We’re now two and a half weeks into lockdown.
A wet and dismal winter’s end squelched its way into a blossoming Covid 19 spring and, as March rolled into April, the weather in Scotland began to improve. And we have a great view of that weather…we can see it from a whole variety of windows in the house. It seems to have been ages since I’ve been anywhere and it’s beginning to tell.
To briefly take my mind off my captivity I’m going to travel back to last July; a time when it wasn’t illegal to venture beyond the front of your driveway more than once a day; a time when great herds of canned tomatoes grazed peacefully on the vast expanses of supermarket shelves; a time when majestic columns of toilet rolls stretched infinitely upwards into…um…yes, methinks it’s definitely beginning to tell.
To brighten the mood I thought I might tell you about another of my ‘Ridiculous Hills of Britain’, one of those little bumps on the landscape that some kind person has taken the trouble to categorise. So let’s head back to July 2019 and see where we ended up…
A big rock, a bit of sunshine, an even bigger bit of history and another unusual “hill” chalked off from my expanding non-list of dubious worth. What more could you want for a morning out. Ok, a café at the top would have been a plus.
I don’t know about you but a hill comprising in excess of 500 stone steps is not an ascent to be sneezed at. I have to admit to being a little bit unsure as to how my legs would react to our little daytrip. I reckoned I would manage the ascent, albeit more slowly than in the past, but the prospect of such a hard, unyielding, descent had my knees writing disclaimers long before we reached the big volcanic lump that is Dumbarton Castle. https://www.historicenvironment.scot/visit-a-place/places/dumbarton-castle/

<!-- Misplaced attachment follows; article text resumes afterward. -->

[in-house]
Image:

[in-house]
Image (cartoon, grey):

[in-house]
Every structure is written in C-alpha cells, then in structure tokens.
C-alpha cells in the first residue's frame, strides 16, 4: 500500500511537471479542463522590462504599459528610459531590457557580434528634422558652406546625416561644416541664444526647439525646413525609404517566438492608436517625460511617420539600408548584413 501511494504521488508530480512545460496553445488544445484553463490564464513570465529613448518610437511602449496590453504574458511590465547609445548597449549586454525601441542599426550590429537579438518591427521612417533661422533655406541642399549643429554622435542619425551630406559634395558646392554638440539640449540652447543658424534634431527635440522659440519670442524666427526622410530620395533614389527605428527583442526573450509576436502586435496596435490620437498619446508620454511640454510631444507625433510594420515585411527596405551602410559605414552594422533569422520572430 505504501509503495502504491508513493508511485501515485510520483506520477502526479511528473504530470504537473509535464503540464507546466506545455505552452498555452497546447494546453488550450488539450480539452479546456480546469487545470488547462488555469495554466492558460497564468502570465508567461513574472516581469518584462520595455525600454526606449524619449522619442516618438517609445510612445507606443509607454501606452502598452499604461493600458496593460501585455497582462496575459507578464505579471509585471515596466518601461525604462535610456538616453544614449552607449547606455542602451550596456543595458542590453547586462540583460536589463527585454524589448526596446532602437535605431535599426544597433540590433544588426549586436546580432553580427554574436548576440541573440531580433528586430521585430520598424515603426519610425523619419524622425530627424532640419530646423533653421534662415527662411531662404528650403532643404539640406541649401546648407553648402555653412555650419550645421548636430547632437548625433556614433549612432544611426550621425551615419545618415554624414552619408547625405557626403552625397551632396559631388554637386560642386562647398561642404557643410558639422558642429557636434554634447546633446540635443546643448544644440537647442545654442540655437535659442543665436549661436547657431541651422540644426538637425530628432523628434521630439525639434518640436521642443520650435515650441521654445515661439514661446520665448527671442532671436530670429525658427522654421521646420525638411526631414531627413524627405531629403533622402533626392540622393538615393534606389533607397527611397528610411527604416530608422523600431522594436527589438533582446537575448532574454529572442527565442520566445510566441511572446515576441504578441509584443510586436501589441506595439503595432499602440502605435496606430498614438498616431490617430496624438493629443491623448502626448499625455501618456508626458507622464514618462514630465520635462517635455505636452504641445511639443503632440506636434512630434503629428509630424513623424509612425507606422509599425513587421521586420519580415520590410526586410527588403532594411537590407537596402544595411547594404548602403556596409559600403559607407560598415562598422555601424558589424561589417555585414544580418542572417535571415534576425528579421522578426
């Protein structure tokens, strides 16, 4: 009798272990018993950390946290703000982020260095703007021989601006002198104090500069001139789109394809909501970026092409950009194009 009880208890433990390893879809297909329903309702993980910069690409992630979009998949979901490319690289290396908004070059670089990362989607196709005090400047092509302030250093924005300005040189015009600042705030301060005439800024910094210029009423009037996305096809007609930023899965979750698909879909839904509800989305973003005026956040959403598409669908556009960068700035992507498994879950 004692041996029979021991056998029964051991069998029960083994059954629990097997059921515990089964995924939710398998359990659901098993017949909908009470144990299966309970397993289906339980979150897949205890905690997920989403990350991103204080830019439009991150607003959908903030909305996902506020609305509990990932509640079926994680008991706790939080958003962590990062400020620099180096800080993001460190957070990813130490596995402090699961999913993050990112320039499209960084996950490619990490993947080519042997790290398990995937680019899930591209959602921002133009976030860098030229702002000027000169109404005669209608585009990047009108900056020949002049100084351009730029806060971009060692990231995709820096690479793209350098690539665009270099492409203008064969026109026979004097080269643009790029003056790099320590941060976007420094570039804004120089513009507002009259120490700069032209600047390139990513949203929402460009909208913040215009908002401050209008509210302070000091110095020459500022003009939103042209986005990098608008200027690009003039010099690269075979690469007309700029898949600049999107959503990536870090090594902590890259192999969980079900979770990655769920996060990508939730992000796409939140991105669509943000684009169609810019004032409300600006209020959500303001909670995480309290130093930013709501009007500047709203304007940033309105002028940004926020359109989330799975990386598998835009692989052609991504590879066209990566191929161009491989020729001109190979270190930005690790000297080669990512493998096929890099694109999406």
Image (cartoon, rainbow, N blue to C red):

Once the capital of the Kingdom of Strathclyde (circa 600-900) Dumbarton Castle has been sacked by the Vikings, acquired by the English and leased back to the Scots all before the Norman Conquest of Britain in 1066. It’s been a fortress, a prison, a royal residence…and did I mention it has over 500 stone steps?!
And there they are – some of the 500+ stone steps and if you look closely you will see them continue their upward march above the archway.
My memory is a bit vague on this but I think I actually managed the massive 74m ascent pretty well. I had on my spongiest soled shoes to reduce shock as much as possible and took my time so as to not annoy my leg muscles…too much. Those spongy soles were a godsend on the way down…stone steps do not form my favourite descent terrain.
The views from the various points on the ‘rock’ are amazing. For example who would have thought for the cost of entry to one of Scotland’s iconic castles you could also have (timing permitted) a bird’s eye view of a Scottish League 1 football game. In the shadow of this very large rock nestles the home of Dumbarton FC. One thing is for certain, given its proximity to this ancient volcanic plug there will never be a circumstance when a goalkeeper will have the excuse that the sun was in his eyes.
From the highest point there are superb views; to the north over the town of Dumbarton and to the south a long look up and down the River Clyde.
…“Doon the watter” (the ‘a’ in watter pronounced hard as in cat) https://www.butemuseum.org.uk/doon-the-water/
It was time to head back down. I wasn’t looking forward to this at all.
This, for me, was the crux of the descent. If I managed down this without either a knee buckling or a leg muscle going into spasm then the day could be considered a success. J went first on the principle that recording my descent for posterity would look much funnier filmed from the bottom. However I would get my revenge…one way or another!
And so, just a few more stone steps later, we concluded our thoroughly enjoyable visit to Dumbarton Castle and another Ridiculous Hill of Britain was ticked off my non-existent list.
Stay in and stay safe.